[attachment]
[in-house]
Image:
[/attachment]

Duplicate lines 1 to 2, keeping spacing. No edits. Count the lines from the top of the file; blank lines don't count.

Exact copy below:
[in-house]
Image: